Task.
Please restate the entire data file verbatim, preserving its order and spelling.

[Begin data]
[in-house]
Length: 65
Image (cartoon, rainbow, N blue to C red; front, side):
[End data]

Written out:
[in-house]
Length: 65
Image (cartoon, rainbow, N blue to C red; front, side):